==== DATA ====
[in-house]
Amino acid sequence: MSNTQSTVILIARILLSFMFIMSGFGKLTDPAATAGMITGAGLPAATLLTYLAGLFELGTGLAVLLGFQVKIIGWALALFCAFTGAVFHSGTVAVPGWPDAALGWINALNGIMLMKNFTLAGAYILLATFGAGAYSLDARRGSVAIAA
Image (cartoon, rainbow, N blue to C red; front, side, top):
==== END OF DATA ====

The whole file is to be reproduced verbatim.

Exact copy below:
[in-house]
Amino acid sequence: MSNTQSTVILIARILLSFMFIMSGFGKLTDPAATAGMITGAGLPAATLLTYLAGLFELGTGLAVLLGFQVKIIGWALALFCAFTGAVFHSGTVAVPGWPDAALGWINALNGIMLMKNFTLAGAYILLATFGAGAYSLDARRGSVAIAA
Image (cartoon, rainbow, N blue to C red; front, side, top):